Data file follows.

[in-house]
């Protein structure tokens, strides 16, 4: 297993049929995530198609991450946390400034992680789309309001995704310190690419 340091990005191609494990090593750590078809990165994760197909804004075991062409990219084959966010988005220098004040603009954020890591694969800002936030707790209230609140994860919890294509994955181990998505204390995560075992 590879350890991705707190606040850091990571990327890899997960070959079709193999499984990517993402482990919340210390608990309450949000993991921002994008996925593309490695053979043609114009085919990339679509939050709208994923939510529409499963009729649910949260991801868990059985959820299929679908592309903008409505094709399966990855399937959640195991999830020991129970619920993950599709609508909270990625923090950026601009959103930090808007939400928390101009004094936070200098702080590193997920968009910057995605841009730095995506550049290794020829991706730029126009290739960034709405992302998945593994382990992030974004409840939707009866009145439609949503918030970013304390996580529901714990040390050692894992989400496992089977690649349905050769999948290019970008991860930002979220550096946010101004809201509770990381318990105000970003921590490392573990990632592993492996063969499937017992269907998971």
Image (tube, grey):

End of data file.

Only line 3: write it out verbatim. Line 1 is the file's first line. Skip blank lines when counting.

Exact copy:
Image (tube, grey):